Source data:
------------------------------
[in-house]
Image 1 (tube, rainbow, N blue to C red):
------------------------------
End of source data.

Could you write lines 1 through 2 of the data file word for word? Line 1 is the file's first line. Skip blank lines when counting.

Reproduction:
[in-house]
Image 1 (tube, rainbow, N blue to C red):